Thursday, November 19, 2015

Highlights from the NeuroImage Data Sharing Issue

This week the first part of NeuroImage special issue on Data Sharing was published. It's a great achievement and I am glad to see that more focus is being put on sharing data in our field. However the issue is a mixed bag of papers that describe different types of resources. Some of my friends were confused by this heterogeneity, so I decided to highlight some of the resources presented in the issue.

The issue included papers about many data sharing platforms/databases (XNAT Central, LORIS, NIDB, LONI IDA, COINS, UMCD and NeuroVault) that are well known and covered by previous publications. Similarly some datasets (FBIRN and CBFBIRN) also have been previously covered in the literature. I understand that those have been included in the issue for completeness, but I will leave them out in this review.

The original art used in the NeuroImage cover.

Developmental and aging datasets

  • The issue includes an impressive developmental dataset consisting of 9498 subjects with medical, psychiatric, neurocognitive, and genomic data (ages 8-21). 1000 of those subjects include neuroimaging data (T1, PCASL, DWI, fMRI: resting, n-back and emotion ID). Data is available through DBGAp (you need to be a NIH approved PI to apply for access, application process can be lengthy and involve substantial amount of paperwork).
  • Another developmental dataset (PedsDTI) consisting of 274 subjects of age from 10 days (from date of birth) through 22 years includes high resolution DWI scans and reference T1 scans as well as precomputed derivatives and age matched atlases (DWI only). The imaging data is accompanied with a set of behavioral, hormonal and clinical measurements. The data is located on NDAR servers and you need to apply to gain access.
  • PING is yet another developmental database that includes data from 1493 children in ages 3 to 20 years old. Scanning protocol includes T1, T2, fMRI (rest). Behavioral measures include NIH Toolbox for Cognition and PhenX. Genotyping information is also includes (1000 SNPs). Due to IRB constraints only subset of this data is available (neither the paper nor the website says how much though). To gain access you will have to apply (only postdocs and higher can apply). All publications using this data require PING approval and co-authorship.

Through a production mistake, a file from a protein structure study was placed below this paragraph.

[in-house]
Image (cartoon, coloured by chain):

• Age-lity projects includes 131 participants (ages 15-37). Imaging data includes T1, DWI, fMRI (resting state) and EEG (resting state). On the behavioral side there is only basic demographics information available. Data is easy to access through NITRC and requires only registration for the notification mailing list.

Clinical datasets

  • Parkinson's Disease Biomarkers Program provides data from 460 controls and 878 diagnosed cases (mostly Parkinson's). Data were acquired across many sites without normalization of the protocols so different subsets will have different measurements. You will need to apply to gain access.
  • Northwestern University Schizophrenia Data and Software Tool provides access to 171 schizophrenia Subjects 170 Controls 44 non-schizophrenic siblings 66 control siblings. MRI data includes only T1 scans, but is accompanied by cognitive and genotypic measurements. You need to request access to gain access to this resource.
  • PLORAS is a dataset of 750 stroke patient accompanied with 450 healthy controls. The data includes T1 scans, fMRI (two simple language protocols). You will need to apply to gain access to this resource.